3. Make America Great Again: similar idea that future will be better, but also idea that current America is not great, and that there is something wrong with the state of our nation that needs to change.
    4. Both slogans appeal to the candidates’ political parties – different from the president at the time. Obama was a Democrat running during the presidency of the Republican, and vice versa with Trump, so it was OK to look down on present state of the nation.
      1. Contrast with 2016 DNC:
      2. “America is already great. America is already strong. And I promise you, our strength, our greatness, does not depend on Donald Trump.” (Obama)
      3. “I stand before you again tonight, after almost two terms as your President, to tell you I am even more optimistic about the future of America.”
  3. Kairos: Both political campaigns took advantage of the dissatisfaction of Americans at the time of the election, however, there was a very different economic situation in 2008, and President Obama’s current approval rating is over 50%, while George Bush had one of about 37% at the end of his second term (Gallup).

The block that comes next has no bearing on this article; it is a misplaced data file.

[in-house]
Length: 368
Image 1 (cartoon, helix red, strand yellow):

1. 2008 dissatisfaction: Job loss, etc.
    2. 2016 dissatisfaction:
    3. Is Donald Trump misguided in his use of a slogan that presents America as negative?
      1. Comparison of unemployment rates between then and now
      2. Some type of comparison with 1980 and Ronald Reagan using the same slogan w/ that context? Maybe
  4. Ethos and Pathos: While Obama’s poster appeals directly to Ethos and Pathos, Trump’s slogan and personality tend to lack Ethos and not emphasis Pathos to as great of a degree, but this has an appeal in itself.
    1. Hope Poster
      1. Ethos – “power and sincerity as a speaker would create a positive association with his likeness.” Obama gives himself credibility through being one of the best rhetoricians of our time.
      2. Pathos – Hope, Looking off into the distance
    2. Make America Great Again
      1. Lacks Ethos? Donald Trump does not have same degree of credibility as Obama, but that is an appeal in itself
      2. Obama, as a career politician, has established himself as credible through his terms as a senator in addition to his public speaking ability. However, many Americans think career politicians are exactly what is wrong with the country, so Donald Trump’s lack of ethos is appealing in this way
      3. Pathos: not as strong, but the idea of change does same thing with this slogan, gives emotions to Americans who are dissatisfied.
    3. Not as deliberate with Trump.
  5. Patriotism: Through the terminology and coloration of both the Hope poster and both the posters and hats that contain the slogan “Make America Great Again,” the Obama and Trump campaigns both made appeals to the commonplace of patriotism.